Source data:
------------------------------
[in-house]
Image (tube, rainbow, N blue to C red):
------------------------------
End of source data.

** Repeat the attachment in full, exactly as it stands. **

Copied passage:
[in-house]
Image (tube, rainbow, N blue to C red):